I am solving exercises where I occasionally need to decompose the radiance of an EM wave in its components, but I don't understand how it's done. In this context, reflectance ($R$) and transmissivity ($T$), defined as power ratios derived from Fresnel's laws, should always verify that $R+T=1$ due to the conservation of energy. In the case I'm having trouble with, where the electric field is neither $p-$ nor $s-$polarized, but at an angle $\theta$ with the incidence plane of a wave that interacts with an interphase between two dielectric materials, my professor decomposes R as:
$$R = R_s \sin^2 \alpha + R_p \cos^2 \alpha$$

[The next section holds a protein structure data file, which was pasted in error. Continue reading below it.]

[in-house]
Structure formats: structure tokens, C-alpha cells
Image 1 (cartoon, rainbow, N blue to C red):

If $R_s$ and $R_p$ could be seen as components of a vector (which I guess is not possible), there would need to be a $^2$ exponent in $R_s$, $R_p$ and $R$. But this doesn't seem to be the case, and I am confused as to why this happens. Does this have anything to do with the requirement that $R+T = 1$, or is this a mistake on my professor's behalf?